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Beware: Tick-borne illnesses on the rise

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Posted: May. 29, 2018 12:01 am

Now that winter has finally faded into memory, local residents are cleaning off their lawn furniture and heading outdoors, ready to enjoy the season. Unfortunately, people are not the only ones looking to make the most of the warm weather, said Marty Theys, vice president of the Tick-Borne Disease Support Network.

“People think ticks die off over the winter, but as much as we might wish that to be true, they’re here to stay,” Theys said. “At best, they might go dormant for a few months. At this point in the season, though, they’re wide awake and out looking for a meal.”

 

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Diseases caused by mosquitoes, ticks and fleas have tripled in the United States within the last 15 years, according to information recently released by the Centers for Disease Control and Prevention.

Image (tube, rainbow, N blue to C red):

The troubling study indicates that cases of vector-borne diseases such as Lyme, anaplasmosis and powassan viral encephalitis jumped from 27,388 in 2004 to 96,075 in 2016.

“It’s a real problem,” said Theys, who has been suffering with Lyme disease for more than 20 years. “Since tick-borne diseases can be very hard to diagnose and even harder to treat, it’s incredibly important to take a proactive, preventative approach.”

To help spread important information about tick-borne diseases, Theys and TBD Support Network presenter John Celmer, of Andover Township, are looking to take a new approach to educating the public by taking their years of collective experience on the road.